Project Hail Mary

Page 61

He sighed. “Seven people. All dead in an instant. At least they didn’t suffer. Much. Someone had to pay. The victims were all New Zealanders, and so am I. So the government came after me. It was a farce of a trial.”

“And the embezzlement?” I said.

He nodded. “Yeah, that came up in the trial too. But I would have gotten away with it if the project had been successful. I’m not to blame here. I mean, yeah, stealing money, okay, I’m guilty of that. But I didn’t kill those people. Not through negligence or any other means.”

“Where were you when the accident happened?” Stratt said.

He paused.

“Where were you?” she repeated.

“I was in Monaco. On a vacation.”

“You’d been there for three months on that vacation. Gambling away your embezzled money.”

“I…have a gambling problem,” he said. “I admit that. I mean, it was gambling debt that made me embezzle in the first place. It’s a sickness.”

“And what if you had been doing your job instead of going on a bender for three months? What if you’d been there the day the accident happened? Would the accident still have happened?”

His expression was answer enough.

“Okay,” Stratt said. “Now we’re past the excuses and bullshit. You’re not going to convince me you’re an innocent scapegoat. And now you know that. So let’s move on: Tell me about blackpanels.”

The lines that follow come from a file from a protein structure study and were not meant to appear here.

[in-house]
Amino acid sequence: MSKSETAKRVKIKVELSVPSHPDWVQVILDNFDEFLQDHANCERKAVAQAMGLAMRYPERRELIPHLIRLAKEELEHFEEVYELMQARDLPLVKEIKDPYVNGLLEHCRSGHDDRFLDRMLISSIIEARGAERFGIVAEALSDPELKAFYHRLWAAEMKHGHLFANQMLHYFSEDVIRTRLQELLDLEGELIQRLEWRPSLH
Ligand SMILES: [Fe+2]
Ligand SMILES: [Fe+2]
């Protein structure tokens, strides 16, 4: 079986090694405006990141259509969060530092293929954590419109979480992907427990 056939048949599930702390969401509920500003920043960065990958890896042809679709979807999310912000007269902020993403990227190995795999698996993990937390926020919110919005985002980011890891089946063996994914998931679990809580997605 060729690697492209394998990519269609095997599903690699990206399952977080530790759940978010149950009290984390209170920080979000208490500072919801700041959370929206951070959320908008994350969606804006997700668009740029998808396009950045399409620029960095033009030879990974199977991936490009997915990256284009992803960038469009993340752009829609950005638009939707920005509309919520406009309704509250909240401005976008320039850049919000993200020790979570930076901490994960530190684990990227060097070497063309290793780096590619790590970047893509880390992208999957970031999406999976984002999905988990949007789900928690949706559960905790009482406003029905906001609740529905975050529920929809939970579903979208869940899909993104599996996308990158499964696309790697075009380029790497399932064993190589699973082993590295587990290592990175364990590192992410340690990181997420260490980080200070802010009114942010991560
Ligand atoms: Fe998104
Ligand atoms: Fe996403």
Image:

“Yeah, okay.” He composed himself. “I’ve spent my whole life in the energy sector, so obviously Astrophage is really interesting to me. A storage medium like that—man, if it weren’t for what it’s doing to the sun, it would be the greatest stroke of luck for humanity in history.”

He shifted in his seat. “Nuclear reactors, coal plants, solar thermal plants…in the end they all do the same thing: Use heat to boil water, use the steam to drive a turbine. But with Astrophage, we don’t need any of that crap. It turns heat directly into stored energy. And it doesn’t even need a big heat differential. Just anything above 96.415 degrees.”

“We know that,” I said. “I’ve been using a nuclear reactor’s heat to breed up Astrophage for the last several months.”

“What’d you get? Maybe a few grams? My idea can get you a thousand kilograms per day. In a few years you’ll have enough for the whole Hail Mary mission. It’ll take you longer than that to build the ship anyway.”

“All right, you have my attention,” I said. Of course, Stratt hadn’t told me anything about whatever “blackpanel” was.

“Get a square of metal foil. Pretty much any metal will do. Anodize it until it’s black. Don’t paint it—anodize it. Put clear glass over it and leave a one-centimeter gap between the glass and the foil. Seal the edges with brick, foam, or some other good insulator. Then set it out in the sun.”

“Okay, what good will that do?”

“The black foil will absorb sunlight and get hot. The glass will insulate it from outside air—any heat loss has to pass through the glass, and that’s slow. It’ll reach an equilibrium temperature well over one hundred degrees Celsius.”